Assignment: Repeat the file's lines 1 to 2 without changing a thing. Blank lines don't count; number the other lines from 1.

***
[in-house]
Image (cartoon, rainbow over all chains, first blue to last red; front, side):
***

[in-house]
Image (cartoon, rainbow over all chains, first blue to last red; front, side):